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If you think sporting events today are intense, try being a gladiator during the days of the Roman Empire. The top athletes of their day, the gladiators were celebrities who were often depicted in colorful frescoes. And now one such fresco has been uncovered in Pompeii in near perfect condition.
Buried under ash in 79 AD, Pompeii had been a flourishing city before Mount Vesuvius cruelly struck it down with a pyroclastic flow. For hundreds of years, the ruins of Pompeii remained preserved under the ash until archaeologists helped it rise again as a prime example of an ancient Roman city.
Many discoveries have since been unearthed by researchers, including a recent find of charms and gems belonging to a larger treasure trove discovered in the famed House of the Garden of Hercules that may have belonged to an enslaved sorceress.
“They are objects of everyday life in the female world and are extraordinary because they tell micro-stories, biographies of the inhabitants of the city who tried to escape the eruption,” Archaeological Park of Pompei General Director Massimo Osanna said in a statement. “Interesting is the iconography of objects and amulets, which invoke fortune, fertility, and protection against bad luck. And the numerous pendants in the shape of a small phallus, or the ear, the closed fist, the skull, the figure of Harpocrates, the scarabs. Symbols and iconographies that are now being studied to understand their meaning and function.”
In addition, there just so happens to be at least ten unexploded World War II-era bombs that are still uncased in the ash waiting to be found and removed safely from the site.
But a fresco uncovered in the Regio V section of Pompeii, the same section where the aforementioned charms and gems were found earlier this year, is no longer waiting to be gazed upon for the first time since the volcano erupted nearly 2,000 years ago.
Located in the basement of a structure near the Alley of the Balconies and the Street of the Silver Wedding close to the gladiator barracks, it may have functioned as a tavern and a brothel. The beautiful fresco is nearly five feet in length and depicts two gladiators in combat wearing classic Roman gladiatorial armor and wielding weapons. One of the gladiators is bleeding from wounds sustained in the fight and appears to be gesturing for mercy.
“It is very probable that this place was frequented by gladiators,” Osanna said in a statement in reference to the structure where the fresco resides. “We are in the Regio V, not far from the barracks of the gladiators.”
“In this fresco, it is interesting to see the extremely realistic representation of the wounds on the wrist and chest of the unsuccessful gladiator,” he continued. “We do not know what the final outcome of this fight was. You could die or have grace. In this case, there is a gesture that the wounded trace makes with his hand, perhaps, to implore salvation; it is the gesture of ad locutia, usually done by the emperor or the general to grant grace.”
Frescoes are watercolors on plaster, which absorbs the liquid and sets, preserving it. Clearly, this fresco was made to stand the test of time just like the legend of the gladiators, who are still figures depicted in pop culture to this very day.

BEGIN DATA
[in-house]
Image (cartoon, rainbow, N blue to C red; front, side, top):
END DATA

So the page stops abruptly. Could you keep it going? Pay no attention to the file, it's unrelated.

The most famous gladiator, perhaps, is Spartacus, who is the main character of the American television series of the same name that aired from 2010 to 2013 on Starz.
Taken as a prisoner of war, Spartacus was forced to attend gladiator school, where he became an incredibly skilled gladiator and became a crowd favorite. Soon, however, Spartacus led a revolt of slaves and gladiators against the Roman elite, terrifying them in the process.
For two years, Spartacus and his army ran roughshod over the Roman military, making the Third Servile War the only such war that directly threatened Roman Italia.
In 71 BC, nearly 100 years before Mount Vesuvius would bury the fresco, Spartacus fell at the Battle of the Silarius River near Petelia, though his body was never found. His remaining forces were captured by Roman General Marcus Crassus and crucified along the Appian Way, which had to have been a brutal sight to witness considering 6,000 suffered this fate.
Gladiators, however, are not always depicted accurately by Hollywood, if at all.
For instance, gladiators were not all slaves. Many volunteered in an effort to gain glory for themselves and their families. Successful gladiators were revered by the public and even endorsed products just like top athletes in the present. Think of the top gladiators like the Michael Jordans and Tom Bradys of their day.
In addition, gladiators did not always fight to the death. We may not know the outcome of the fight depicted in the Pompeii fresco, but it’s entirely possible the bleeding gladiator received mercy from the emperor or top general in attendance at the time. And the thumbs down gesture that Hollywood movies depict as a death sentence, may have actually been the opposite.
When we think of the gladiators, we often think of the Roman Colosseum completed just a year after Pompeii was buried in ash, but the gladiatorial bouts were occurring long before the iconic and historic structure was built. Gladiators fought in amphitheaters of all sizes in cities and towns across the empire.
The popularity of the gladiatorial games would only continue until 399 AD when Emperor Honorius put an end to them. One final fight would occur in 404 AD before the gladiators passed into history once and for all.
Gladiators may no longer exist today, but they remain one of the most fascinating features of the Roman Empire and continue to capture our imaginations. Finding absolutely stunning frescoes like this one in Pompeii only makes that fascination grow, and makes us wonder what other secrets the city ruins will show us in the future as researchers continue excavations.
Featured Image: Wikimedia